Cleantech Market Intelligence
V3 Gives Solar PV a New Spin
V3Solar has made waves in the cleantech press over the last few weeks with its Spin Cell prototype. With claims of levelized cost of energy (LCOE) around $0.08 per watt (as reported by CleanTechnica), this system would shatter current records for solar power cost effectiveness, prompting the question: does the Spin Cell actually work as well as advertised?
First, a brief primer on the technology. The Spin Cell bucks the traditional flat solar panel design: it’s a conical device that spins. The cone shape, which resembles an Apollo-era space capsule, allows for greater exposure to the sun, without active tracking. The self-contained unit, based on traditional concentrated photovoltaic (CPV) cells, also has magnifying lenses on its exterior surface that increase the light to each of the individual solar panels. However, in conventional solar arrays, increased solar radiation raises the temperature of the cells themselves, decreasing efficiency or, ultimately, destroying the unit. V3Solar claims that the spinning unit’s motion keeps the surface of the PV cells cool (only slightly above ambient temperature), thus maintaining efficiency.
V3Solar hired Bill Rever, a solar industry veteran, to perform a technical review of the device. While Rever thoroughly explains the concepts of the technology, as well as the economic implications, the term “technical review” is a bit of misnomer. Essentially, Rever restates the tests that were run by Nectar Design on the prototype, without offering any new information. The results of the tests indicate that the temperature on the Spin Cell remains lower than the flat panel control, but they don’t detail its power production. Most importantly, the CPV yields have not been empirically proven in this design.
Hyping the Spin
Still, the hype that the Spin Cell has created is justified. The technology is interesting, but the business case for the Spin Cell is the real draw. An $0.08 per watt LCOE would make it one of the cheapest forms of electricity, even compared to coal and natural gas. Like most things in the energy industry, if the economics work out, the technology will prevail. Programs like feed-in tariffs (FITs) and renewable portfolio standards (RPSs) help support nascent green technologies, but the ideal goal is for those technologies to thrive without government intervention. If the Spin Cell works as V3Solar says it does, V3Solar will have accomplished what no other photovoltaic company has: creating a carbon-free, economically competitive means of energy production.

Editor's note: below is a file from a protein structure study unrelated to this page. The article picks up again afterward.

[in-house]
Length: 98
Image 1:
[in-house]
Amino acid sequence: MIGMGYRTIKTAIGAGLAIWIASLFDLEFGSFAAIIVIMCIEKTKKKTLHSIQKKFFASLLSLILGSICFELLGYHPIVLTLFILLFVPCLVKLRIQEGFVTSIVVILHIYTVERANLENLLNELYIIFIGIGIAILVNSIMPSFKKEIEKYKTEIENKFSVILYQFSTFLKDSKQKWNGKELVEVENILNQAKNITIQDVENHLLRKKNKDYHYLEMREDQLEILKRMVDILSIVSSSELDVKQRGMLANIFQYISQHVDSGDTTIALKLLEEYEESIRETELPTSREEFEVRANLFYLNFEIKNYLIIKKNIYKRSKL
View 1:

If proven, the technology would not only permit inexpensive and clean generation, but would also free up significant governmental funds dedicated to making solar more economically attractive. For example, the solar Residential Renewable Energy and Business Energy Investment tax credits, in the United States, would be rendered obsolete, increasing available government funds for more advanced energy technologies such as bioenergy and marine hydrokinetic technology. Similarly, Germany’s FIT would be able to ramp down quicker than planned, while Japan’s new FIT would become unnecessary.
The Spin Cell eventually will have to prove itself in the only testing environment that matters: the open market.